The Loans and Grants for Higher Education

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The ever-increasing expense of higher education has entered the political sphere. As a result, several world leaders' perspectives on the subject have emerged. World leaders, as well as presidential candidates such as Barack Obama, have advocated an expansion in federal support for students enrolled in higher education institutions (Schulze-Cleven, Reitz, Maesse and Angermuller 796). Money loaned to students comes from the federal government's different receipts, the majority of which are taxes paid by residents. Every student has the right to an education, so the implementation of such programs is always necessary. However, the adverse predicaments regarding the money funded to university studying are ignored. They are less considered, thus no attention is given on what good or harm they are bound to cause.

Critics have questioned the act of high funding education. They wonder whether it increases student enrollment in institutions as well as the degrees attained. On the contrary, countries such as the United Kingdom, receive an acknowledgment from the government. Over 1.6 million students are pursuing degrees or diplomas inclusive of 19,000 students (Michelsen, Sweetman, Stensaker and Bleikliel 399). Besides, another number of close to a million are taking noncredit-bearing courses involving the various industries and commerce. It is wise for countries to adopt loans and funds for higher education as the institution create a significant impact towards the economy (Marginson 423). If organizations are funded while on the other end student loans are approved, agencies will receive a considerable enrolment. Consequently, this provides employment opportunities, hence boosting the country’s economy due to an increased rate of productivity.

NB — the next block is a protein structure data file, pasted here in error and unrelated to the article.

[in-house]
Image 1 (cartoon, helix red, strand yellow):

The main aim behind loans and grants for higher education narrows down to eradicating poverty in the United States of America (Stevens and Gebre-Medhin 125). The war against poverty suppresses the level of crime, as in such case a number of the middle age youth will enroll in various programs and short courses. Besides the rising level of corruption, drug prevalence is bound to reduce, as students will be more occupied with their studies. Moreover, an increase in the college completion rate will see the government increase the number of better-paying jobs, hence leading to significant growth in the American economy.

The bright ideas about the loans offered to students narrow done to the fact they are bound to pay. The payments are made in installments once they begin working but at a specific and affordable rate. However, the repayment depends on the level of income. The cost of gaining education for the four-year course is bound to increase gradually (Collier and Herman 9). In a bid to meet the cost involved in providing the knowledge, taxpayers will have to face an increase in their various taxes, a move that has been blocked by some critics.